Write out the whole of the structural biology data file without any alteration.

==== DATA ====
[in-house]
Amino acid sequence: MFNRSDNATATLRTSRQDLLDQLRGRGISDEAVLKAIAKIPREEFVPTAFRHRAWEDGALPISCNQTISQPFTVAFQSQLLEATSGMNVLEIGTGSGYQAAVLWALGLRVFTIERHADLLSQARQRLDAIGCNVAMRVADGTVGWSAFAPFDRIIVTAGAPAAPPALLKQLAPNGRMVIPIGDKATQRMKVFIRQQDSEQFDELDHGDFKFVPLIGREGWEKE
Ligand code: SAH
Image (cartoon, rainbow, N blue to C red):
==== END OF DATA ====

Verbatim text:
[in-house]
Amino acid sequence: MFNRSDNATATLRTSRQDLLDQLRGRGISDEAVLKAIAKIPREEFVPTAFRHRAWEDGALPISCNQTISQPFTVAFQSQLLEATSGMNVLEIGTGSGYQAAVLWALGLRVFTIERHADLLSQARQRLDAIGCNVAMRVADGTVGWSAFAPFDRIIVTAGAPAAPPALLKQLAPNGRMVIPIGDKATQRMKVFIRQQDSEQFDELDHGDFKFVPLIGREGWEKE
Ligand code: SAH
Image (cartoon, rainbow, N blue to C red):